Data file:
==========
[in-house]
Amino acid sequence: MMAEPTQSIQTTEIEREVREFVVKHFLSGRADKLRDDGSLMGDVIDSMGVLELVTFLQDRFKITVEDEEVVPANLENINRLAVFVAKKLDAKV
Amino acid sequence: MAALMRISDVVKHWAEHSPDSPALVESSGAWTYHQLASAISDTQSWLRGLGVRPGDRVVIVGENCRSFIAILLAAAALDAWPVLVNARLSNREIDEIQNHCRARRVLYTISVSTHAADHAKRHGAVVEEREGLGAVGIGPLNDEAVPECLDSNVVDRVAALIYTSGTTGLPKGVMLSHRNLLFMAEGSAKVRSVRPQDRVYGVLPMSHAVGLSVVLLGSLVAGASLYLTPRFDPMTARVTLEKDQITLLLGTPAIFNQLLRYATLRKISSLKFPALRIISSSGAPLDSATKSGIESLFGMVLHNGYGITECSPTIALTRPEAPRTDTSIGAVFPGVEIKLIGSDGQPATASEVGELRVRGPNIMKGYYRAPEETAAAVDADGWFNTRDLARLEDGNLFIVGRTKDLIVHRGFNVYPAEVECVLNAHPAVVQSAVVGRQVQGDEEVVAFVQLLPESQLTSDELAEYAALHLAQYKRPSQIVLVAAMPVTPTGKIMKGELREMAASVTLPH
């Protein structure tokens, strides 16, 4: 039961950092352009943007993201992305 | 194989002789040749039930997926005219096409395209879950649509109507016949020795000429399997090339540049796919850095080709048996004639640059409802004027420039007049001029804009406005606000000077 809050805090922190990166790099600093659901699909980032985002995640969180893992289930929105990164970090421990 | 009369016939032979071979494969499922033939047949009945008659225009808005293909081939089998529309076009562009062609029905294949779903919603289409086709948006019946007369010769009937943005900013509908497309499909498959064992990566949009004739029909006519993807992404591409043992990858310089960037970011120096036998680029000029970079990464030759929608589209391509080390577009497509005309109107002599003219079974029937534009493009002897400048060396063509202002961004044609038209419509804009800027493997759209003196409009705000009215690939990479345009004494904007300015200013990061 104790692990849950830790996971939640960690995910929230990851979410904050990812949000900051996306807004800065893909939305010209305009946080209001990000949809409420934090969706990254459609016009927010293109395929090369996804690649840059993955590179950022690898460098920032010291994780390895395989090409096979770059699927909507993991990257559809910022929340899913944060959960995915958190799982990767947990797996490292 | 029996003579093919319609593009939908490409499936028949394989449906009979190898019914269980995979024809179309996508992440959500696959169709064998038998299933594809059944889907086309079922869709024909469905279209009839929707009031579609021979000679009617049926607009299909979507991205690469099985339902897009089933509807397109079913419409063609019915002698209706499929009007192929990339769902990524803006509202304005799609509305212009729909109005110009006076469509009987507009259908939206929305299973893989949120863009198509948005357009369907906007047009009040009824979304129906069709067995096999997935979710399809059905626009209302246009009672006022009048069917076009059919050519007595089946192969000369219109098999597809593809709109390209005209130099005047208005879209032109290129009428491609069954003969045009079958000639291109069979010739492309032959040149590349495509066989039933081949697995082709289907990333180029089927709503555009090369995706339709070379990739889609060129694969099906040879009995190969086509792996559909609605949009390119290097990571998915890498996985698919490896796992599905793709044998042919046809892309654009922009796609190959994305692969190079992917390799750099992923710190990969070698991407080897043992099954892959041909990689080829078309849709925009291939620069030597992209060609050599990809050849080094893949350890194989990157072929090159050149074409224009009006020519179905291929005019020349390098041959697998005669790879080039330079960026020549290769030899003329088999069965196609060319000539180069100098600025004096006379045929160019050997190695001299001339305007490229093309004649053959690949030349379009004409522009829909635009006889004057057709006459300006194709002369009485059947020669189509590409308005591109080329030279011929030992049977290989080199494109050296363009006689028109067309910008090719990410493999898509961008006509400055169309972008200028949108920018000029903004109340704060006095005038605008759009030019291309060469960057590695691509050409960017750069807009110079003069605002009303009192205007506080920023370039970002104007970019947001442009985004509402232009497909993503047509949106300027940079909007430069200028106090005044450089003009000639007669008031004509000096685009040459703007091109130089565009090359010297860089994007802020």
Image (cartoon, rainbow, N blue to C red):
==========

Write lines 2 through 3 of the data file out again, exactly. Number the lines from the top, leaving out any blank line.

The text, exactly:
Amino acid sequence: MMAEPTQSIQTTEIEREVREFVVKHFLSGRADKLRDDGSLMGDVIDSMGVLELVTFLQDRFKITVEDEEVVPANLENINRLAVFVAKKLDAKV
Amino acid sequence: MAALMRISDVVKHWAEHSPDSPALVESSGAWTYHQLASAISDTQSWLRGLGVRPGDRVVIVGENCRSFIAILLAAAALDAWPVLVNARLSNREIDEIQNHCRARRVLYTISVSTHAADHAKRHGAVVEEREGLGAVGIGPLNDEAVPECLDSNVVDRVAALIYTSGTTGLPKGVMLSHRNLLFMAEGSAKVRSVRPQDRVYGVLPMSHAVGLSVVLLGSLVAGASLYLTPRFDPMTARVTLEKDQITLLLGTPAIFNQLLRYATLRKISSLKFPALRIISSSGAPLDSATKSGIESLFGMVLHNGYGITECSPTIALTRPEAPRTDTSIGAVFPGVEIKLIGSDGQPATASEVGELRVRGPNIMKGYYRAPEETAAAVDADGWFNTRDLARLEDGNLFIVGRTKDLIVHRGFNVYPAEVECVLNAHPAVVQSAVVGRQVQGDEEVVAFVQLLPESQLTSDELAEYAALHLAQYKRPSQIVLVAAMPVTPTGKIMKGELREMAASVTLPH